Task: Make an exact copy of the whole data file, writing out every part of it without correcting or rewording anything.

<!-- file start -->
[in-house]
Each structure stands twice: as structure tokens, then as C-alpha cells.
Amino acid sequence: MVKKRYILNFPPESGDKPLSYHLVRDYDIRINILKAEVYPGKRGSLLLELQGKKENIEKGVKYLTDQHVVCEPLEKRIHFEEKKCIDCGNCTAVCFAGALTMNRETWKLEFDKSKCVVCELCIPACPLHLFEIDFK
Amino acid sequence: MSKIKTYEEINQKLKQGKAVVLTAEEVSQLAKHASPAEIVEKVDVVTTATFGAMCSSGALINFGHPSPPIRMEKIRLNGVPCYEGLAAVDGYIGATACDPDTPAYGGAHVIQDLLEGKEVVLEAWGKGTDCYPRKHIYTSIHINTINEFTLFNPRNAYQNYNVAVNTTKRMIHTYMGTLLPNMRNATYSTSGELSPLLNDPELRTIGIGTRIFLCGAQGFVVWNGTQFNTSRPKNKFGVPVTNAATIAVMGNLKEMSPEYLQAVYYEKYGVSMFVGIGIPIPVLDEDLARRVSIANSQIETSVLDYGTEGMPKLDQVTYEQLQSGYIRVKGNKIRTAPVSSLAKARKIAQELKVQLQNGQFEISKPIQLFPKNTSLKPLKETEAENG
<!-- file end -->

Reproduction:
[in-house]
Each structure stands twice: as structure tokens, then as C-alpha cells.
Amino acid sequence: MVKKRYILNFPPESGDKPLSYHLVRDYDIRINILKAEVYPGKRGSLLLELQGKKENIEKGVKYLTDQHVVCEPLEKRIHFEEKKCIDCGNCTAVCFAGALTMNRETWKLEFDKSKCVVCELCIPACPLHLFEIDFK
Amino acid sequence: MSKIKTYEEINQKLKQGKAVVLTAEEVSQLAKHASPAEIVEKVDVVTTATFGAMCSSGALINFGHPSPPIRMEKIRLNGVPCYEGLAAVDGYIGATACDPDTPAYGGAHVIQDLLEGKEVVLEAWGKGTDCYPRKHIYTSIHINTINEFTLFNPRNAYQNYNVAVNTTKRMIHTYMGTLLPNMRNATYSTSGELSPLLNDPELRTIGIGTRIFLCGAQGFVVWNGTQFNTSRPKNKFGVPVTNAATIAVMGNLKEMSPEYLQAVYYEKYGVSMFVGIGIPIPVLDEDLARRVSIANSQIETSVLDYGTEGMPKLDQVTYEQLQSGYIRVKGNKIRTAPVSSLAKARKIAQELKVQLQNGQFEISKPIQLFPKNTSLKPLKETEAENG